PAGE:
English 311: Creative Nonfiction

Course #2163, Section 01
The College of Saint Rose
Fall 2016
Tuesdays and Thursdays, 2:30pm-4:12pm
Albertus Hall 402


Daniel Nester, Associate Professor of English, Instructor
E-mail: daniel [dot] nester [at] strose [dot] edu
Phone: 518-454-2812
Teaching Blog: http://nestersteachingblog.com
Office: Dolan Hall, 442 Western Avenue, First Floor #1
Office Hours: Wednesdays 1:30pm-3:30pm; Thursdays 4pm-5:30pm and by appointment
Link to this page: nestersteachingblog.com/cnf

Course Description

This course is a writing workshop in creative nonfiction.

What is creative nonfiction? We will begin with one definition from Lee Gutkind, founder of the journal Creative Nonfiction and “godfather” of the genre, and work from there. He defines creative nonfiction as “nonfiction that employs techniques like scene, dialogue, description, while allowing personal point of view and voice (reflection) rather than maintaining the sham of objectivity.”

What is a writing workshop? A writing workshop works from the premise that when a group of writers convene on a regular basis to present and help each other with their writing, the work will improve, and students will begin to see unexpected, surprising things show up along the way. Much like a traditional workshop in, say, poetry or fiction, we will present copies of our writing throughout the semester for written critique and discussion. The writing may be produced from open-ended assignments or from exercises and assignments given to you by your instructor.

We will have presentations and discussions on assigned readings. By the end of this course, you will have written some personal essay, memoir, and experimental forms, and have an idea of where in the literary landscape these pieces would be placed and published.

Course Goals

— to learn about and join the community and guild of practicing writers of creative nonfiction, and with it its traditions, influences, and histories;

— to enrich understanding of our writing by learning to place it in the various traditions and modes of other, published writing;

— to bring in 4- to 6-page pieces of writing each week—sometimes as a result of a prompt or exercise from the class, other times more open-ended—for a total of at least 40 pages of polished, publishable prose;

— to learn to offer constructive, helpful criticism of other students’ writing in the workshop as well as to work with critiques offered of one’s own work;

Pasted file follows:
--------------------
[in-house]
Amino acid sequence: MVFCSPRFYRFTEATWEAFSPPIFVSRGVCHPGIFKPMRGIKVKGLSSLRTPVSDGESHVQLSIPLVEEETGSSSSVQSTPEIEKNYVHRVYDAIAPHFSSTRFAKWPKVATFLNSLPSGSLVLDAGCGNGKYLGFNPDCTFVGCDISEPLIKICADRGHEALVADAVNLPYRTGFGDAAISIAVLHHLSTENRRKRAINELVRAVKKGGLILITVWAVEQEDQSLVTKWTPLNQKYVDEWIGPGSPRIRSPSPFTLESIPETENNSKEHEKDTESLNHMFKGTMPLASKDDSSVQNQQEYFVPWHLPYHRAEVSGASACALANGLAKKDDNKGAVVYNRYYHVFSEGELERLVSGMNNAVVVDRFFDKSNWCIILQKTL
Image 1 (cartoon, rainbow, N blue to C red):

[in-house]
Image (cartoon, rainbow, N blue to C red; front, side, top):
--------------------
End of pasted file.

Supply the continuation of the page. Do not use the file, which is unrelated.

— to have a constructive discussion of classmates’ writing, and to encourage others’ craft of writing and revision;

— to learn to read as writers–as opposed to reading as scholars or general audiences–and discuss examples of published work that address issues of craft we encounter in our class;

— to learn about the markets, publications, and audiences for our writing, and how to submit work;

— to learn to revise work in multiple drafts over the course of a semester; and finally,

— my own personal goal, for the class to have fun as we work hard to learn about the art and craft of nonfiction writing, and in the process learn a little about ourselves.

Required Texts

Palm, Angela. Riverine: A Memoir from Anywhere but Here. Minneapolis, MN: Graywolf, 2016. ISBN: 978-1555977467. [Amazon link]

Williford, Lex and Michael Martone. Touchstone Anthology of Contemporary Creative Nonfiction: Work from 1970 to the Present. New York: Touchstone, 2007. ISBN: 978-1416531746. [Amazon listing]

Copies of writing and web links will be supplied by the instructor. Do plan on printing at least 100 pages throughout the course of the semester, as well as making Xeroxes of your own drafts for others in class.  Make plans accordingly: add prints through your ITS account, if necessary, to make sure you can print out your readings or your own work for class.  Students who do not come to class with their own printed documents or copies of other students’ work will be marked as unprepared for class.

Course Requirements, Percentage of Your Final Grade

• 35% Participation: Discussions, reading reactions, presentations, Writing Center visit (if required), conferences, group work, group writing, critiques of student work;
• 35% Informal writing: Weekly writing assignments, in-class free writing and exercises, short reaction papers;
• 30% Formal writing: Essay revisions, Final Portfolio at end of semester

 

Rubrics

I use grading rubrics for many assignments. The following apply on class-by-class basis, and should give you an idea of how I assess student performance.

Participation, Collegiality, and Conduct Rubric
Persuasive Essay Rubric
Student Reading and Writing Rubric

Syllabus Statements and Policies


Attendance Policy
Snapshot from My Grade Book
Writing Format
File Format and How to Name Your Files
Conduct
Conferences and Drafts
Late Work
Participation: Writing Class
Email Policy
Required Materials and Skills
Academic Integrity
Students with Disabilities
Writing Center Visits